"Nervously we waited, the iced barb of fear in our stomachs and with throats parched with the desert sun and pure fear. The great machine, clanking noisily and belching great clouds of steam, trundled inexorably towards the spot we had mined. The ground beneath us shook and shuddered as the huge iron beast bore down on us. The strain was intense; the stomach – churning fear of sudden and violent death hovered over us like a waiting bird of prey. The slightest movement and we would be discovered. It then became too much to be borne by mere flesh and blood. One of the Howeitat; driven mad by the tortures of thirst and the prospect of impending death leapt to his feet, drew his scimitar and mauser pistol and with a screaming battle cry, ran down the scree – covered slope to attack the Turkish vehicle."

"He had not gone fifty yards when the great machine stopped and a machine gun hammered out its message of sudden death. His body tumbled to a halt at the foot of the scree, a lifeless jumble of cloth and torn flesh. Some shouted orders were heard coming from the conning tower of the vehicle and the great engine revved to a more urgent tone, belching and hissing with great gouts of steam as it swung about to face us in our woefully inadequate shelter. Before we had a chance to do anything by way of a reaction there was a mighty explosion. As the great machine had pivoted to face us it has obviously driven on to one or more of our mines. The act of revving the engine to give more power had caused steam to be vented straight under the machine, directly on the mines thereby emulating the action of a train. A huge cloud of smoke and showers of debris poured from the sky all around us. As the dust settled and the strident ringing in the ears subsided we were able to view the full extent of our damage. The Land Ironclad lay on its side diagonally across the railway, its destroyed innards belching thick black smoke into the clear desert sky. Small popping noises issued from within as the small arms ammunition caught fire. We stared, stunned by the enormity of our actions."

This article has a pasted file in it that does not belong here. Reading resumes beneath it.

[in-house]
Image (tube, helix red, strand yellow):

"Cautiously we approached the destroyed engine – from curiosity as much as anything when a small hatch clanged open. We stood, rooted to the spot as a Turkish officer, clearly dying, attempted to drag his shattered body from the wreckage. The spell broken by his movement, Ali shot him twice and he fell dead, slumped over the hatch. Smiling, Ali walked over to the dead Turkish officer and took his pistol from his hand and his fire scorched fez. Our own man was still alive but was clearly fading fast. His body was torn by the impact of many bullets and his skin was grazed and bleeding. We stood around him and, as if by our collective willpower we could save his life we helplessly watched him pass. Hamed broke the silence "It was his time, we will take his price." We gathered our belongings and after burying our recently departed brother made ready to depart."

"We were twenty three and now twenty two. Our number was reduced by the merest whole denomination. The reassuring creak of the camels saddles assuaged our anguish as we headed away. The pulse of life throbbed inexorably on and the indifferent heavens mocked our grief over such a mean and petty affair; unworthy of notice or recognition…..……."

Our readers must bear in mind that this report has been compiled in conjunction with the War Cabinet and the strictures observed therein. As part of this agreement we are unable to furnish the name of the officer in question although informed sources have hinted that a possible decoration may be awarded.






Amidst scenes of great jubilation and tumultuous cheering, our gallant brothers in arms from fair Australia entered the naval dock at Port Sudan to commence immediate operations against the Turks. The squadron, flying the flag of Rear Admiral Ramsey, consists of the Heavy Monitor Cruiser H.M.A.S Castlemaine (squadron flagship) and her escorts the Light Monitors H.M.A.S. Hobart and Townsville. Also present are the Fixed Wing Tender H.M.A.S. Woomera and the light escorts: Platypus, Koala, Wallaby and Wombat. The three Aquanefs previously mentioned as forming part of the Australian contingent are thought to be on station but due to events off Yenbo reported earlier are believed to have been deployed immediately on operations. After a rousing arrival, including a stirring rendition of Waltzing Matilda delivered by the massed bands of the Royal Marines and the Port Sudan Garrison Artillery, followed by the official speech of welcome by the Governor, Sir Archibald Melrose, Rear Admiral Ramsey and his staff headed into a series of planning conferences with their Royal Naval opposite numbers that lasted deep into the night.